WASHINGTON, D.C. – Today, the U.S. Department of Energy (DOE) released the Energy Storage Grand Challenge Draft Roadmap and a Request for Information (RFI) seeking stakeholder input on the Draft Roadmap. Announced in January 2020 by U.S. Secretary of Energy Dan Brouillette, the Energy Storage Grand Challenge (ESGC) is a comprehensive program to accelerate the development, commercialization, and utilization of next-generation energy storage. The Draft Roadmap outlines a Department-wide strategy to accelerate innovation across a range of storage technologies based on three concepts: Innovate Here, Make Here, Deploy Everywhere.
“The Energy Storage Grand Challenge leverages the unique, extensive expertise and capabilities of the Department of Energy and our National Labs to really push the envelope when it comes to developing next-generation energy storage,” said Secretary Brouillette. “Coordinating with and receiving input from our stakeholders is critical as we work to position the United States as a global leader in energy storage technologies of the future. While research and development are the foundation of advancing these technologies, the Trump Administration recognizes global leadership also requires a commitment to commercializing technologies from the lab to the marketplace.”
“The RFI and Draft Roadmap are the culmination of many months of collaboration across DOE’s program offices to address the Nation’s need for resilient, reliable, secure and transformative energy storage solutions,” said Under Secretary of Energy Mark W. Menezes. “The Secretary launched the ESGC earlier this year highlighting the importance of manufacturing these critical technologies in the U.S. so they can be deployed by American industry at home and abroad. Increasingly energy storage is a vital component of energy and national security, and today’s announcement will garner valuable input from stakeholders and partners.”
Over the Fiscal Years 2017-2019, DOE has invested over $1.2 billion into energy storage research and development (R&D), or $400 million per year, on average establishing an agency-wide, long-term strategy to address energy storage. The vision for the ESGC is, by 2030, to create and sustain U.S. global leadership in energy storage utilization and exports, with a secure domestic manufacturing base and supply chain that is independent of foreign sources of critical materials. The Draft Roadmap provides planned activities for each of the ESGC five tracks:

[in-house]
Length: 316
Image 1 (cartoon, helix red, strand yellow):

- The Technology Development Track will focus DOE’s ongoing and future energy storage R&D around user centric goals and long-term leadership.
- The Manufacturing and Supply Chain Track will develop technologies, approaches, and strategies for U.S. manufacturing that support and strengthen U.S. leadership in innovation and continued at-scale manufacturing.
- The Technology Transition Track will work to ensure that DOE’s R&D transitions to domestic markets through field validation, public private partnerships, bankable business model development, and the dissemination of high quality market data.
- The Policy and Valuation Track will provide data, tools, and analysis to support policy decisions and maximize the value of energy storage.
- The Workforce Development Track will educate the workforce, who can then research develop, design, manufacture, and operate energy storage systems.
Additionally, the Draft Roadmap identifies six use cases derived from high-level energy or infrastructure goals of communities, businesses, and regions, which will be translated into a set of technology-neutral functional requirements. The ESGC use case topics include facilitating an evolving grid, serving remote communities, electrified mobility, interdependent network infrastructure, critical services, and facility flexibility, efficiency and value enhancement. These broad specifications will help identify new and augmented research and development paths for a portfolio of energy storage and flexibility technologies that meet emerging needs.
This Draft Roadmap focuses on three key challenges, applied to each of the five tracks, to ensure that the U.S. sustains global leadership in energy storage:
- Innovate Here – How can DOE enable the United States to lead in energy storage R&D and retain IP developed through DOE investment in the United States?
- Make Here – How can DOE work to lower the cost and energy impact of manufacturing existing technologies, and strengthen domestic supply chains by reducing dependence on foreign sources of materials and components?
- Deploy Everywhere – How can DOE work with relevant stakeholders to develop technologies that meet our domestic usage needs and enable the United States to not only successfully deploy technologies in domestic markets but also export technologies?
- DOE is requesting information from stakeholders to inform the suite of activities proposed in the Draft Roadmap through a formal RFI. Responses to this RFI will be due August 21, 2020. Interested stakeholders can view both the Draft Roadmap and the official RFI on the ESGC website.
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